February 1, 2012 in City

Spokane County ballots get a makeover

Voters’ signatures will be exposed on envelopes, but not their choices
By The Spokesman-Review
 
Jesse Tinsley photoBuy this photo

Spokane County Elections Manager Mike McLaughlin holds up the new envelope, right, and the old one in the county elections office Tuesday. The change from an envelope with a large flap to one without the flap, saves about $25,000.
(Full-size photo)

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In 1972, voters in Spokane rejected three consecutive levies, leading to widespread cuts, school closures and layoffs. Columnist Shawn Vestal says voters have largely avoided a repeat ever since. Page A5

Drop boxes countywide

Secure Spokane County ballot drop boxes are located at libraries throughout the county and at the Spokane Transit Authority Plaza in downtown Spokane and the county elections office at 1033 W. Gardner Ave.

Voters might notice a change in this month’s levy election ballot envelopes, and some may not like what they see.

Spokane County is using new ballot return envelopes that eliminate a flap of paper that previously covered voter signatures.

The change is going to save the county $25,000 a year, said Auditor Vicky Dalton.

Nearly 260,000 mail-in ballots were sent out countywide in recent days for a coordinated school levy election on Feb. 14.

After casting their ballots, voters will place them inside a pair of return envelopes, including a plain inner envelope and an outer envelope for mailing.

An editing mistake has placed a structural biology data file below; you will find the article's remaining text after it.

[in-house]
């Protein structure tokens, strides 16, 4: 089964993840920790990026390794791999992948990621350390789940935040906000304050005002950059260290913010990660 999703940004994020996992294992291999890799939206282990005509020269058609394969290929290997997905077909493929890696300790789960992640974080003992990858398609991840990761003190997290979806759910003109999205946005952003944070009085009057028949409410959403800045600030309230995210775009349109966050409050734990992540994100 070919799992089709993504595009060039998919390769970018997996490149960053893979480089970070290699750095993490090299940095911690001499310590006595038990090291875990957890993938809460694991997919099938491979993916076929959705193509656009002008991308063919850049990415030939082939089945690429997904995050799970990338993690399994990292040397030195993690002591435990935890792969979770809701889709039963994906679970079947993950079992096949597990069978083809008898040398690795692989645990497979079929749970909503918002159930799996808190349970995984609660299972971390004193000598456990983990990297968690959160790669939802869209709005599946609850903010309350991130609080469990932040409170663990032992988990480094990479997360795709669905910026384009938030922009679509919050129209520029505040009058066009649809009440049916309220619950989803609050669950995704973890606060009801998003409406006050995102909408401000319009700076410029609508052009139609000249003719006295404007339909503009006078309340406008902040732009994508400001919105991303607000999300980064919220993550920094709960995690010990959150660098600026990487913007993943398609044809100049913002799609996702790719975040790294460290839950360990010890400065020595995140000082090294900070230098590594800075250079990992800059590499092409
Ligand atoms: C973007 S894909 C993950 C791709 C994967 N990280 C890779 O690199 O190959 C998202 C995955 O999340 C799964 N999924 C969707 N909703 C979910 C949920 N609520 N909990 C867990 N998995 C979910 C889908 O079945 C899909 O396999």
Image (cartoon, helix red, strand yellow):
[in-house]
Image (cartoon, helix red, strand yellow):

The outer envelope includes a declaration and signature line for voters to attest that they are complying with election laws. Ballots have to be signed to be counted. The inner envelope protects the secrecy of the voters’ choices.

But the new outer envelopes leave the signature visible to postal workers and elections staff. The change was made possible by the Legislature in 2010.

Dalton said there should be few concerns about identity security since the ballot contains no other personal information such as a Social Security number.

Nevertheless, for those who are concerned, Dalton recommended depositing the ballot into a U.S. Postal Service letter box or elections drop box rather than leaving it in a street-side mail box for pickup by a carrier. The postal and elections boxes are locked and collected regularly, she said.

Dalton said the flaps on the former envelopes required staff to remove a perforated tab. The new envelope speeds processing and cuts labor costs.

In addition, the extra flap added weight to the outgoing mailing, forcing the county to pay additional postage.

King, Snohomish and Thurston counties in Washington have already switched to the less-expensive envelopes.

Dalton said there was nothing to stop someone from peeling off the perforated tab on the old envelopes.

Thus, the envelope flap and tab provided “a false sense of security,” she said.

As part of the levy election, Spokane County is going to handle ballot processing for voters living outside of the county in three school districts.

Cheney, Deer Park and Riverside schools have voters living in adjacent counties, but Spokane is going to handle all of the ballots in each of those districts.

Dalton said the counties in the region swap elections services for cross-county districts to help save money in the overall cost of elections.

This year’s special school election is going to cost more than $300,000, Dalton said.


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